Our family had wonderful get-togethers on five of the six nights we were in Joplin. We ate pizza and Kentucky Fried Chicken. We ate buffalo burgers that Michael cooked on the grill. We went to First Christian Church, where I grew up. We went out after church to eat fish and pie. We shared memories and love.

On the night we didn’t get together with family, we ate dinner at Arde’s Villa. Our dear friend Grace took Bill, my mother, and I there on Saturday evening. We had good food and wine and heard live show-tune music. A vase of roses was on the table. We even shared a choclaty dessert before going to Grace’s house for more conversation. The evening ended all too quickly.

Another highlight was Mason City, Iowa that we visited on the way home. “Mason City is home to the only remaining electric freight-hauling railroad in the entire United States. Visitors can see this one of kind train in operation on almost any day – especially weekends – while traveling on 19th St. SW / County Rd B 35 which runs parallel to the Iowa Terminal electric railroad. ” That’s why we went to Mason City. Bill got great pictures and just had one enlarged to hang in a local optomotrist’s waiting room.

Near Webster City, south and east of Mason City, we had seen windmills in the corn fields. The windmills look like this:

.
photo, windmills

We learned later that corn and soy beans are the cash crops of Iowa. While photographing trains near Cedar Rapids, Iowa, we watched farmers harvest soy beans. Also in Cedar Rapids, we visited St. Wenceslaus Catholic Church. The kind parish manager, Dave, unlocked the church so we could go in. It was beautiful.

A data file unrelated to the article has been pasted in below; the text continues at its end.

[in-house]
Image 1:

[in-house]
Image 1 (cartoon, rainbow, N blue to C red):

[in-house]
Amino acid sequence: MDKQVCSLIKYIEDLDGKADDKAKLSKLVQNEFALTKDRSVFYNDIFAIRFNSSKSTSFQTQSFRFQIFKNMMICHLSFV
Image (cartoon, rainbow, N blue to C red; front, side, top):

I didn’t not blog, read e-mail, or write poetry for fourteen days. Now that’s what I call a vacation. But we rode a long way to get home.

Yesterday we went rail fanning in Western Virginia. We left home at 7:30 am and drove about three hours (north from Winston-Salem on 52 and I-77, then west on I-81) to Saint Paul, Virginia, where we began rail fanning, following a tour guide from Frograil for Norfolk Southern in Eastern Appalachia from Saint Paul, Virginia to Frisco, Tennessee.

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We saw a train parked at Boody East, our first location, for a crew change. We didn’t see many more. What we did see was lots of track (interesting crossings, etc.) and some beautiful, beautiful mountains. We got about halfway (to Big Stone Gap) and realized it was 5 pm, so we decided to stop trying to locate each place in the guide and drive to Natural Tunnel State Park (also in the guide) before it got dark. We got there too late in the day to enjoy the park’s fascillities.

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Natural Tunnel State Park is in Duffield, Virginia. (See pictures and official site) This tunnel has been called – by American poet William Jennings Bryant – the “Eighth Wonder of the World. ” A railroad track runs through the tunnel. Bill was able to photogragh some cars going through the tunnel but the engine had already passed. We would like to have been there longer, but a sign said, Park Closes at Dusk, so we went on our way. We heard another train in the valley as we were leaving and caught part of it a bit futher on. We then drove home, stopping for supper and arriving here about 11:15 pm.

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We hope to finish the tour and return to Natural Tunnel State Park, perhaps in the fall.